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SCARIEST Bridges You Don’t Want To Cross!

If you’re a thrill-seeker and you like being high in the air, admiring stunning panoramic views, almost as if you were flying like a bird of prey, then you will revel in watching our next countdown.

However, if you’re a wimp like me and standing on a three-foot ladder gives you the chills, you better have your friends strap you up in a straitjacket before you watch this.

So drink a few shots of wheatgrass juice and hang on to the railing as we countdown 15 of the scariest bridges you don’t want to cross.

15 – Glass Bottom Bridge Hunan China Number 15 on our list is the Glass Bottom Bridge in Hunan, China.

The recently completed span is a suspended glass walkway with a stomach-flipping 590 feet above a sheer drop in China’s central Hunan Province.

The bridge is the latest in a series of glass-floored attractions to open in China and the rest of the world.

Despite its terror-inducing appearance, its creators say the bridge is perfectly safe. Each of the glass panes is 1 inch thick and 25 times stronger than normal glass.

The bridge will stand firm even if tourists are jumping on it. The steel frame used to support and encase the glass bridge is also very strong and densely built, so even if a glass is broken, travelers won’t fall through.

It was originally a wooden bridge before the park experimented by replacing a small section with glass in 2014. It increased the thrill by revamping the whole overpass earlier this year, making it China’s first all-glass suspension bridge.

14 – Gap Bridge China Number 14 on our list is the Gap Bridge, another bridge in China. “Mind the gap” has never been more essential when walking across this 500 foot-high gap bridge in the sky.

The bridge is essentially a little more than a horizontal ladder with sizeable gaps in between each ledge.

Protected only by a harness, guests can live life on the edge as they precariously hop from one ledge to the next–trying not to fall between the cracks.

Who in the world would walk across a bridge with holes in them, with a harness being the only safety measure in place? I know I wouldn’t! You probably think I’m a wuss, but guess what?

Authorities closed down the high-altitude theme park attraction in because of safety concerns after a hair-raising video of a tourist’s lucky escape when his harness snapped went viral on social media.

An investigation by local government officials found staff had not fastened the safety cord properly when the tourist, did the “extreme leap”, Footage of the incident shows the man leaping across a giant walkway suspended in mid-air with gaping holes between each plank.

As he makes the last jump, the rope securing him to an overhead frame breaks from his safety harness, just as he reaches the opposite podium.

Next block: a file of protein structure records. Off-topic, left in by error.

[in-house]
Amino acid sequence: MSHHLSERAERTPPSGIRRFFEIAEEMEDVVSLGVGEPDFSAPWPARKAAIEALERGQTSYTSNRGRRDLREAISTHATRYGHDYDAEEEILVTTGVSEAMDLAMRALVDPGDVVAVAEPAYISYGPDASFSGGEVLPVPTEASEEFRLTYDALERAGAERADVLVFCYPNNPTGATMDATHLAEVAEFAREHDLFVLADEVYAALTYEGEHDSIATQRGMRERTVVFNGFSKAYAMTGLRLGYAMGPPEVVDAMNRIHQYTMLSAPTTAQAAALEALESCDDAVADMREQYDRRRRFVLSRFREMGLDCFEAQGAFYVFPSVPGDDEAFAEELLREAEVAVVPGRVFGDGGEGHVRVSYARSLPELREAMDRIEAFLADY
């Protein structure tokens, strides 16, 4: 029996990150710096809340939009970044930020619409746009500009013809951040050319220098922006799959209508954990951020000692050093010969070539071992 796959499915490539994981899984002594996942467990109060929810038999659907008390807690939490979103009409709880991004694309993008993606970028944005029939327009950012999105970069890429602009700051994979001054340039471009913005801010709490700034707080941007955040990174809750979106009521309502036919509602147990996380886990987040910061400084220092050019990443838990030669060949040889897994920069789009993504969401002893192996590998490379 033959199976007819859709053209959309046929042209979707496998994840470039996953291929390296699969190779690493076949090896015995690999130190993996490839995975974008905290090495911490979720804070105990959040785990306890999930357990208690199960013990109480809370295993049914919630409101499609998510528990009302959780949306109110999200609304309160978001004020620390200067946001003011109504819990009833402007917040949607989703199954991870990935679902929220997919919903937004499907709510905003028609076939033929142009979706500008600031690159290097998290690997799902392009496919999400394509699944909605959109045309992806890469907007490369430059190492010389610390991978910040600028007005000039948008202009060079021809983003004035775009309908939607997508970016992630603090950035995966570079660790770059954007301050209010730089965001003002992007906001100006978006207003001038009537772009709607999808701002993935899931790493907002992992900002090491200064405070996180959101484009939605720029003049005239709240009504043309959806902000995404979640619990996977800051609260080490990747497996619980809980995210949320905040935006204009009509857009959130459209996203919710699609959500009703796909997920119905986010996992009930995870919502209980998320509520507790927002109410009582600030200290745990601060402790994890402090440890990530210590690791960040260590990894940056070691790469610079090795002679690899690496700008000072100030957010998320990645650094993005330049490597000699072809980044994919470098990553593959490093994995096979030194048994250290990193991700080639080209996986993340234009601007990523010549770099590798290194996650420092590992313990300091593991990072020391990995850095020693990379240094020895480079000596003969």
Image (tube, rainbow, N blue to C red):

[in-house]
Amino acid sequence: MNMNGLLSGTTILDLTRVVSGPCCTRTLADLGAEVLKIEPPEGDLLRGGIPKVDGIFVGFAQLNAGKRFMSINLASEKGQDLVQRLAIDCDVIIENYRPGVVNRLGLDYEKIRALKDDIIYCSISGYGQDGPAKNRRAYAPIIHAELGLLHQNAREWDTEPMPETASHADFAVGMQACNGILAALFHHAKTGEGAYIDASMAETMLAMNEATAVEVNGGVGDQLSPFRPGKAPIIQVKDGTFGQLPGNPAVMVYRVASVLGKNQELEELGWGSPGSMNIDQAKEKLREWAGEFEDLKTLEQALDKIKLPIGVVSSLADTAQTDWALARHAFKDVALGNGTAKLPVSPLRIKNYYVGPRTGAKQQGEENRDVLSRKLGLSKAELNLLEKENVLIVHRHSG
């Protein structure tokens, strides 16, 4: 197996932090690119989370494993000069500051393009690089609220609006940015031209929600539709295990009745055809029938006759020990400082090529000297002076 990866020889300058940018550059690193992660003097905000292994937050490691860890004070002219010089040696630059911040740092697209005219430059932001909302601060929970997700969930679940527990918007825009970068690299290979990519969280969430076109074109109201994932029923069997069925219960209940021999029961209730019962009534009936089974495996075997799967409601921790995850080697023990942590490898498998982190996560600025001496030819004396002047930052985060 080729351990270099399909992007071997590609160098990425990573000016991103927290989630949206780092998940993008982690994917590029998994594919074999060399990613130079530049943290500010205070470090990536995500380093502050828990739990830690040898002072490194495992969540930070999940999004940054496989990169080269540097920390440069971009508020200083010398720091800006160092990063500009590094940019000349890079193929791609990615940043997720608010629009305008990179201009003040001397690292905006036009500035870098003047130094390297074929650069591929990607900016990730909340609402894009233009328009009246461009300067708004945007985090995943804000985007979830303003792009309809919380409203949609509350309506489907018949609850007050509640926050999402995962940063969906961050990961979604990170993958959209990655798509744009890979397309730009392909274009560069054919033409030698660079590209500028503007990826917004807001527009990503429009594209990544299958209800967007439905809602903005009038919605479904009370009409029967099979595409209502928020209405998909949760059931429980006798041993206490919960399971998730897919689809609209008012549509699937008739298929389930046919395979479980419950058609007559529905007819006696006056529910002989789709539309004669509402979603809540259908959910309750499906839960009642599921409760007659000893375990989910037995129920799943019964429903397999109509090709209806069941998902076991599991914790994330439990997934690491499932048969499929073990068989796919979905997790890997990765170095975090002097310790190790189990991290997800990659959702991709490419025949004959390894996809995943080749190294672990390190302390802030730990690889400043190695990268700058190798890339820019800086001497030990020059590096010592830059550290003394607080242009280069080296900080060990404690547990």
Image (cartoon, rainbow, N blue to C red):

The man appears calm throughout, turning around and smiling after reaching the other side. About a second later he realizes what has happened and is seen holding up the severed cable.

There is no safety net beneath the bridge, and 500 feet below a nice soft bed of rocks is waiting to absorb your fall.

It was later heard that the event was a marketing ploy aimed at raising the profile of the theme park.

I guess the marketing expert lost his job because the claim was met with outrage on social media. I heard he’s writing commercials for KFC now. 13 – Glass Skywalk Number 13 on our list is the Glass Skywalk.

They build China Skywalks to be scary, and this one will make your head spin with vertigo. The Glass Walkway, termed “The Walk of Faith” hangs off the edge of a cliff in the Tianmen Mountains; it is 196 feet long, 5 feet wide, and is located 4600 hundred feet above sea level.

Despite being hair-raising frightening, the skywalk attracts thousands of tourists because of the breathtaking view it offers of the entire county.

If this adrenalin-inducing bridge doesn’t get your heart racing, nothing else will. We can see some visitors clinging to the cliff’s side, others rolling around on the 5 feet glass floor, selfie stick held high.

Ya, ‘cause I’m taking selfies that high in the air! Also Called the “Coiling Dragon Cliff” skywalk, the glass walkway is the third of its kind in the Tianmen Mountain Scenic Area.

The dramatic walkway overlooks Tongtian Avenue, a mountain road with 99 turns that snakes up Tianmen Mountain in Hunan’s National Forest Park. Its name means “Avenue to the Sky”.

This isn’t the first attraction to take advantage of the area’s stunning surroundings. Just looking at images of this bridge gives me the creeps. People are just looking for trouble. They like the view, well so do I, right here, from the comfort of my living room.

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